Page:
This is an archive of the Office of Juvenile Justice and Delinquency Prevention’s (OJJDP's) electronic newsletter OJJDP News @ a Glance. The information in this archived resource may be outdated and links may no longer function. Visit our website at for current information.
November | December 2014

News in Brief

OJJDP Research Highlighted at American Society of Criminology Meeting

The American Society of Criminology’s (ASC’s) meeting on November 19–22, 2014, featured 20 sessions which highlighted recent developments in OJJDP-funded research. The session topics included supportive school discipline; Hispanics in the juvenile justice system; mentoring; and OJJDP’s Model Programs Guide, a resource for practitioners and communities about what works, what is promising, and what does not work in juvenile justice, delinquency prevention, and child protection and safety. ASC is an international organization that promotes scientific and professional knowledge concerning the measurement, etiology, consequences, prevention, control, and treatment of crime and delinquency. This year’s meeting took place in San Francisco, CA.

OJJDP Invites Entries for the 2015 National Missing Children’s Day Poster Contest

OJJDP invites fifth grade students, their parents, educators, and their local communities to participate in the 2015 National Missing Children’s Day Poster Contest. This annual contest creates an opportunity for schools, law enforcement, and other child advocates to promote child safety by discussing the issue of missing and/or exploited children with youth, parents, and guardians.

OJJDP will invite the winning child and his or her teacher, parents, and state contest manager to attend the National Missing Children’s Day commemoration in May 2015, at which the student will receive an award for his or her winning artwork.

Please contact your state contest manager for your state’s submission deadline. Visit the poster contest page for additional information, including contest rules. For questions related to the awards process or poster contest, please contact the Missing and Exploited Children’s Program.

Registration Open for Web-Based Training on Engaging Families in the Justice System

National Center for Youth in CustodyOJJDP, in collaboration with the National Center for Youth in Custody, is offering "Engaging Families in the Justice System." This Web-based training highlights practices to help juvenile justice professionals build partnerships with families. Participants will learn how to:

  • Describe meaningful family engagement based on recent research with families.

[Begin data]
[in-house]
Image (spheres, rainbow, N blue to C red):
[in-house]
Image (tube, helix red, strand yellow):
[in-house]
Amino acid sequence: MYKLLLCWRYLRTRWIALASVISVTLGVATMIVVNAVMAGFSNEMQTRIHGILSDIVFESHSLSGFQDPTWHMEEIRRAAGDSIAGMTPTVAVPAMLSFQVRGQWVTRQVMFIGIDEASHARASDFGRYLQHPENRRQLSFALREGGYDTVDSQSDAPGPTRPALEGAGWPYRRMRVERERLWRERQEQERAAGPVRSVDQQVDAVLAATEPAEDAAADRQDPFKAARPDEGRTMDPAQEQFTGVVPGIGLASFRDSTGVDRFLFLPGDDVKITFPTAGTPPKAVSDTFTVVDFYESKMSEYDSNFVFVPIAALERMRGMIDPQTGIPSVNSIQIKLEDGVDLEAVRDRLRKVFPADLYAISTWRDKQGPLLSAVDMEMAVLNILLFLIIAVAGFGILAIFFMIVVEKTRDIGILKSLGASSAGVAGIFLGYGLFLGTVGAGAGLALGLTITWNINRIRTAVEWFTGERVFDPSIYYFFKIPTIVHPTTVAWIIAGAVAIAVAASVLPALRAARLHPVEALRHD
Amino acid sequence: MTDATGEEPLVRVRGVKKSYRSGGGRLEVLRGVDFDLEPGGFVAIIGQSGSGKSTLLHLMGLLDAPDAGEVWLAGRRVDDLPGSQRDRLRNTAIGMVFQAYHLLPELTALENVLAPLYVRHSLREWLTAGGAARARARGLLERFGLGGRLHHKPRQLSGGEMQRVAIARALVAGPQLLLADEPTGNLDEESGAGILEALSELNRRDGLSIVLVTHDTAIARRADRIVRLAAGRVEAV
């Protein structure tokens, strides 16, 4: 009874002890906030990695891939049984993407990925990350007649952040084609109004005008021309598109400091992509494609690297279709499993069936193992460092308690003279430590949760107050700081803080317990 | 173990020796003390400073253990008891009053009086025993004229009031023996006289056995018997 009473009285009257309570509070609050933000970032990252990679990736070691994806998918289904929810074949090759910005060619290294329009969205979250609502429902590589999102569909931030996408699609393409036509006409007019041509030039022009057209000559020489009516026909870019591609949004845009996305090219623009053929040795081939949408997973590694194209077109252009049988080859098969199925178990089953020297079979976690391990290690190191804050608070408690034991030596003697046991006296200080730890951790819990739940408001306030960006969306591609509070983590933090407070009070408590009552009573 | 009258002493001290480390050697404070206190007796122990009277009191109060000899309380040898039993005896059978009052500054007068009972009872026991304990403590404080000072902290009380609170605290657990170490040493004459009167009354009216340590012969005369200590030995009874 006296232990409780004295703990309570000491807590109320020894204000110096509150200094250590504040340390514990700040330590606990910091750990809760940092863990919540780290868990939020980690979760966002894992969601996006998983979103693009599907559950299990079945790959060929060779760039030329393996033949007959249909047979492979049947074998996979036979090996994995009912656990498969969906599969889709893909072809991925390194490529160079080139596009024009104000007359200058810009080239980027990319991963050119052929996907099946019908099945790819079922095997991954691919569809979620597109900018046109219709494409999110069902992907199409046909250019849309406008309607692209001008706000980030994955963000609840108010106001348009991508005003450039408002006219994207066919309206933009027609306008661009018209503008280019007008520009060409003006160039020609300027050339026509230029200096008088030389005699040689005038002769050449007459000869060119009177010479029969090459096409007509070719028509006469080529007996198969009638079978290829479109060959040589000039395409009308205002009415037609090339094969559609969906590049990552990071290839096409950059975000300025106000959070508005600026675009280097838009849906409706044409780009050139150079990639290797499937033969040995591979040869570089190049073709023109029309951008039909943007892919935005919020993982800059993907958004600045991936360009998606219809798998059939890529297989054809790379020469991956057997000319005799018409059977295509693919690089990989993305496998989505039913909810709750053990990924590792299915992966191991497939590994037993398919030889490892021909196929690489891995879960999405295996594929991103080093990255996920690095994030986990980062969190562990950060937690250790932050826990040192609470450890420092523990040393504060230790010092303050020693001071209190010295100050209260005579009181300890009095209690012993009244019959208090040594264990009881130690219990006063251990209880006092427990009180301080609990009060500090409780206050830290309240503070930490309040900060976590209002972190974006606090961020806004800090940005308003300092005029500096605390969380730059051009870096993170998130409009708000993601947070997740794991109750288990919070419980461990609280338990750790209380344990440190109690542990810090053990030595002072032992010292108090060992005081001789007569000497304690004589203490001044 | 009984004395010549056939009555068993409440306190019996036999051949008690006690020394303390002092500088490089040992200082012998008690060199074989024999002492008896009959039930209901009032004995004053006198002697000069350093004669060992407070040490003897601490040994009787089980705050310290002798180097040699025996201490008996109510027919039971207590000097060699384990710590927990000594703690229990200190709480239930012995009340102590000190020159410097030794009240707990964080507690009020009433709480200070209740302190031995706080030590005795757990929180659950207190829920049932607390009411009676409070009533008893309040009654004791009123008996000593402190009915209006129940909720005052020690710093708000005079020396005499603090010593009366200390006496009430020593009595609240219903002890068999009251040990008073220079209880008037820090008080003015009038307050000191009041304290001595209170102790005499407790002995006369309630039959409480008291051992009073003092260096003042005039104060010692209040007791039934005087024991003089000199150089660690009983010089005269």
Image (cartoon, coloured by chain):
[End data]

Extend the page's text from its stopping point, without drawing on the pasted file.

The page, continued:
• Identify specific practices used nationwide to increase family engagement.
  • Use the Campaign for Youth Justice’s FAMILY model, as well as other resources, to build partnerships with families.

Register for the training at OJJDP Online University.

Legal Sector Guide Available on Commercial Sexual Exploitation and Sex Trafficking

Legal SectorThe Institute of Medicine and the National Research Council have released a guide to the report Confronting Commercial Sexual Exploitation and Sex Trafficking of Minors in the United States. This OJJDP-funded guide is designed for law enforcement professionals, attorneys, and judges who interact with victims, survivors, and perpetrators of commercial sexual exploitation and sex trafficking of minors. The guide includes key terms, risk factors and consequences, current practices, and recommendations. Learn more about OJJDP’s programs and resources addressing commercial sexual exploitation of children.

New Juvenile Court Statistics Released

National Juvenile Court Data ArchiveThe National Center for Juvenile Justice (NCJJ) has released Juvenile Court Statistics 2011. The report that draws on data from the OJJDP-sponsored National Juvenile Court Data Archive to profile more than 1.2 million delinquency cases and 116,000 petitioned status offense cases handled in 2011 by U.S. courts with juvenile jurisdiction. The report also tracks trends in delinquency cases between 1985 and 2011 and in status offense cases processed between 1995 and 2011. Funded by OJJDP, the archive collects automated juvenile court data from around the nation in order to inform juvenile justice research and policymaking decisions. The data used in this report were contributed to the archive by more than 2,400 courts with jurisdiction over 85 percent of the juvenile population in 2011.